We all know one, the girlfriend or sister or maybe even husband or brother who is deathly afraid of spiders. Although not many can be blamed for having arachnophobia some cases are just ridiculous. Such is the case of an Indiana woman who leaped out from her moving car, with her nine year old son left inside, all because she was scared of a spider.
What began innocent enough as a trip with her son ended up being nearly fatal. After putting her son in the car and putting the car in reverse 35 year old Angela Kipp jumped out of the moving vehicle to avoid a spider. The car then proceeded down the street with her son inside. In an attempt to stop the car the nine year old boy then slammed on what he believed to be the brake pedal, unfortunately he hit the gas and the car rammed into a passing by school bus.
Miraculously no one was seriously hurt from the incident. The bus was empty of any children and the driver sustained no injuries. The impact did however cause the boy to fall out of the open car door slamming onto the pavement, leaving minor injuries.
Sargent Chad Hill responded to the incident stating it as "the most unusual situation to occur in my career.". There have been no charges filed however an investigation is ongoing. Unfortunately the spider in question has yet to comment or be identified.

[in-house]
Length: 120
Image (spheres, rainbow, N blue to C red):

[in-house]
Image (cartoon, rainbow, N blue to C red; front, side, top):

If you have any suspicions of spiders or other pests in your area contact a local pest control expert!
Pest Experts and Builders Complain of Overkill
Termites cause uncontested structural damage, and most municipalities have tight regulations on inspecting new homes for this destructive bug. But builders in Minnesota are up in arms at the new proposed restrictions to prevent termite damage.
Costs for developers run to $1,000 per new home built, the pricetag for pre-treating the structure with pesticides. Builders say it’s unnecessary and up until now the state of Minnesota has been exempt from such regulatory codes. Housing and Urban Development (HUD) made this change when updating regulations to simplify housing codes.
Termites are a known – but occasional -- problem in the very southern part of Minnesota, but the rest of state, including the Twin Cities, has always been free of them. Pest control agencies, who have every reason to support regulations that call for more pest control, agree.
“This is ridiculous overkill,” said Jay Bruesch, technical director for Plunkett’s Pest Control in the Twin Cities. He reports that when out-of-staters ask for termite protection he will do the job, but feels almost guilty since he knows the bugs don’t live in the area.
“And we’re a little embarrassed by them because we’ll take someone’s money for preventing a pest that isn’t here,” he said.
Although capable of surviving Minnesota winters by burrowing below the frost line, the bugs have simply never had a presence in most of the state.